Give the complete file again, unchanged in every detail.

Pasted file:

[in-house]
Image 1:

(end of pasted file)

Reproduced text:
[in-house]
Image 1: